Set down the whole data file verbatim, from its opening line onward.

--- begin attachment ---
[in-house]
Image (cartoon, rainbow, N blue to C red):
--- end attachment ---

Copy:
[in-house]
Image (cartoon, rainbow, N blue to C red):